World Cup 2014: 12 cities representing the best of Brazil.

By Luciano Graca

A lot has been said, discussed and polemically questioned about Brazil’s competence to host such an important and high-profile event like the World Cup.

Amidst the country’s ongoing disappointment and anger against its government, which resulted in a series of protests, there were concerns that Brazil wouldn’t be able to pull it off.

So far the tournament has provided an amazing display of professionalism on and off the pitch. Highly optimistic people are already considering this to be the best ever World Cup. And it’s been only seven days since the opening game.

Since The Wee G couldn’t make to Rio, we pulled out our strings of contacts in Brazil and invited 12 people, one from each of the host cities, to describe the place they live.

The result is a series of opinion articles highlighting why these spectacular cities were chosen to represent the best of Brazil. An insider’s view, that The Wee G will be publishing from today.

First stop is Brasília the country’s capital.

Meet Brazil’s Capital: Brasília

By Augusto Matos

Images Wikipedia

Brasília is the federal capital of Brazil. A fairly “young” city, built only 54 years ago. It has 2.5m inhabitants and is the world’s biggest city built in the 20th century. It is also, since 1987, the only city in the world built in the 20th century regarded as UNESCO’s World Heritage Site.

Conceived by then Brazilian President Juscelino Kubitshek and designed by urban planner Lucio Costa and world-renowned architect Oscar Niemeyer, Brasilia is a modern city that favours open spaces, nature, architecture and the “Planalto Central’s” gorgeous sky.

There are many reasons why I’m fascinated about Brasília. The main ones are the abundance of green spaces, the organisation, the traffic that flows well, the safety, the gastronomy and cultural diversity. It has Brazilians from all parts of the country, and hosts 124 foreign embassies, making it the most cosmopolitan of the Brazilian’s cities.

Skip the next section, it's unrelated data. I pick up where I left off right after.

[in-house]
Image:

In Brasilia, people respect the zebra crossing, you don’t hear the cars honking, and nobody cares who you are or where you come from, because everybody comes from somewhere else.

During the weekends, you can pick one of our beautiful parks to go running, walking or cycling, or take your family to a picnic in of the city’s extensive green areas.

My favourite places are the Parque Nacional de Brasília, the Parque Dona Sarah Kubitsheck, the Parque da Penísula dos Ministros and the Pontão do Lago Sul, with its six restaurants to cater for even the most peculiar client. In the latter, it is possible to practice Kite Surfing or SUP (Stand up paddle).

In terms of culture, the options are also extensive. From the National Theatre to the Centro Cultural Banco do Brasil, both included in the national and international route of big shows, concerts and exhibitions.

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Another great option is to get to know the works of Niemeyer scattered throughout the city. The most interesting are the headquarters of the National Congress, the Presidential Palace and the STF, and if you want to know more about the history of our beautiful capital, be sure to visit the JK Memorial.

Finally, if you want to party, the night life of Brasília also offers an amazing variety of bars, nightclubs and pubs that will appeal to all tastes. If this is your first time here, my suggestion is to dive into Brazilian culture, and visit a “boteco” (carioca style bar from Rio), taste a good feijoada (traditional Brazilian dish made of black beans and pork), and an icy cold beer to enjoy some samba.

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Suggestions here in Brasília where you can find that are Bar Brahma, the Asiatico Design&Cafe and Bar Brasilia. If you want to enjoy a feijoada, without much fuss and in a private place, the Le Jardin du Golf Restaurant at Brasilia Golf Club offers a delicious feijoada on Saturdays.

In my opinion Brasília represents the best of Brazil, and despite not having the beach (it’s only flaw), the city compensates with a lot of other qualities.

Welcome to Brasilia, wherever you come from!


Augusto Matos, 42, is a regional sales manager.

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